Last month Michael Calder, Signpost’s Programmes and Learning Officer, travelled to Uganda to meet with Signpost partners to discuss their research.
In November 2018 Signpost were awarded a grant from The National Lottery Community Fund (TNCLF) to undertake research in the North Eastern districts of Napak and Kapelebyong about how we can make our livelihoods programmes more disability inclusive.
I (Michael) travelled out to Uganda to meet our partners VAD to discuss the findings from this research and to finalise the research report. The research objectives were to identify the person with disability (PWD) populace in the target area, understand their existing income-generation strategies, barriers they experience in terms of realising sustainable livelihood strategies; and, what enabling factors required to improve their livelihood opportunities.
The findings of this research will directly feed into a proposal we will submit to TNLCF for a three-year disability-inclusive livelihood programme in Napak and Kapelebyong. We are still in the planning phase with the communities at the moment and look forward to sharing more information with you in the future.
PWD in Uganda often experience extreme forms of marginalisation due to a variety of factors. Whilst Signpost has worked with PWDs in previous programmes, it has not been in a concerted manner with a clear strategy. This period of research has enabled Signpost to become more aware of the adaptations we can make to existing programmes to ensure the benefits can be shared with PWDs in our attempt to ensure that ‘no-one is left behind.’ We will work to ensure that disability-mainstreaming becomes a core feature of our work throughout all of our programmes internationally.
Whilst in Uganda, I had an opportunity to check in with some of our other programmes. We have a British and Foreign Schools Society (BFSS) funded programme in Amuria district (in the North East of Uganda) which has constructed VIP (ventilated improved pit) latrines at two primary schools in Amuria and Agwara-Kuju in addition to handwashing tanks. This programme has also focused on menstrual hygiene management as this was highlighted as a key issue that was preventing girl children from progressing with their education.
We trained up the school’s respective School Management Committee (SMC) and Parent/Teacher Associations (PTA) to be able to manufacture low-cost and reusable sanitary kits. These kits have been distributed to 678 girls in both primary schools. Furthermore, we have trained the SMCs and PTAs in business management and enterprise skills. They have now started manufacturing and selling these kits to members of the community providing the schools with an income-generating opportunity which will enable the ongoing maintenance of the sanitation facilities.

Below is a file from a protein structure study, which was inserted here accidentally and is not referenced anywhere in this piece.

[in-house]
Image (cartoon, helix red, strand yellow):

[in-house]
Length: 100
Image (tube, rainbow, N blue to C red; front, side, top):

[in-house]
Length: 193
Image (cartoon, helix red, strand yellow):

I also visited our CHILD (Community Holistic Integrated Learning and Development – i.e. the child sponsorship project) in Wakiso district in central Uganda. We have been working in various communities in this district for nine years now and the impact has been heart-warming to see. We have worked to train self-help groups to develop savings habit and livelihood strategies to help lift them and their families out of poverty. One of the success stories I was introduced to was one group who have now developed their own catering enterprise. As a group they saved up enough money to buy a tent, some plastic chairs and some pans. They now rent these out to different community functions in the area and the enterprise is growing.
We also rehabilitated three bore holes in the district as the community, last year, had indicated that this was a pressing need in the community. For example, in Luwano village, people were forced to drink from ponds and swamps. Others had to buy water in which placed great pressure on household incomes. Now they have access to safe and clean water.
A lot was packed into my two-week visit but the stories I heard and the plans we have in place for the future are very exciting. Of course, none of this would be possible without the very generous donations from our supporters. For that, we are very thankful, and we look forward to sharing more stories in future about the impact of our work.